President-elect Joe Biden's nominee to lead the U.S. intelligence community vowed to keep politics out of intelligence and to focus on building "trust and confidence" in the 18 agencies that would fall under her purview, according to her public testimony before the Senate Intelligence Committee on Tuesday.
Avril Haines, 51, told the panel that there was "no place for politics" in intelligence.
"To be effective, the DNI must never shy away from speaking truth to power," she said in her opening statement." "[E]ven, especially, when doing so may be inconvenient or difficult."
Haines' confirmation hearing was one of five that took place in the Senate on Tuesday, as the Biden administration pushed to assemble key cabinet officials before the president-elect's inauguration Wednesday.
If confirmed, Haines will make history as the first woman to serve as director of national intelligence. She set a similar precedent in 2013, when President Obama named her deputy director of the CIA – and she became the first woman to hold that role.
During Tuesday's hearing, Senators pressed Haines on how the intelligence community would address the threat of domestic extremists – including far-right conspiracy groups like QAnon, some of whose followers took part in the attack on the Capitol on January 6.
Haines said U.S. intelligence agencies would be prepared to identify links between domestic and international terrorists, but that the FBI and Department of Homeland Security would otherwise lead on investigations of domestic matters. She committed to producing, alongside FBI and DHS, a public, written assessment of the threat from QAnon.
Haines also promised to appear publicly at an annual Worldwide Threats hearing, a seminal congressional event that for years was held annually but which failed to take place in 2020 under DNI Ratcliffe or his acting predecessors, Richard Grenell and Joseph Maguire.
She told Oregon Senator Ron Wyden that she would release a public, unclassified report on the killing of Saudi dissident Jamal Khashoggi, which has been stymied for months by Trump administration officials.
Haines also told the panel her top three priorities would be "institutional" in nature, and that she would start by rebuilding trust in and among intelligence ranks; aligning the community's resources to counter traditional and non-traditional threats; and building partnerships across the public and private sector.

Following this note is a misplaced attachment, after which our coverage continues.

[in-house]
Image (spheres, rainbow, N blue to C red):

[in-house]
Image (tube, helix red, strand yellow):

A career national security official, Haines served as a Senate Foreign Relations Committee staffer, where she worked with its then-chairman Joe Biden. She served as the White House Deputy National Security Advisor from 2015 to 2017.
A flight enthusiast and former independent bookstore owner, Haines' eclectic interests were affectionately outlined at the beginning of the hearing by former DNI Dan Coats, himself once a Republican member of the Senate panel. In his introduction, Coats called Haines an "exceptional choice" for the role.
"After several conversations with Avril, there is no doubt in my mind that President-elect Biden has chosen someone who has all the capabilities and qualities, experience, and leadership to be the next director of national intelligence," said Coats, who served as the Trump administration's first DNI. Coats ran afoul of President Trump after publicly offering national security assessments that Mr. Trump did not like, and he was replaced in 2019.
Democratic Senator Mark Warner, who is set to assume the chairmanship of the committee, urged a swift confirmation for Haines, who is not expected to encounter meaningful opposition from either party.
"Ms. Haines demonstrated professionalism, commitment to the men and women of the Intelligence Community, and a keen grasp of the challenges facing our national security," Warner said in a statement following Tuesday's hearing. "The Intelligence Community needs a strong, Senate-confirmed leader and Ms. Haines will be that leader."
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